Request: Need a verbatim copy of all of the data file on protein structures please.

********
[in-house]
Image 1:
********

[in-house]
Image 1: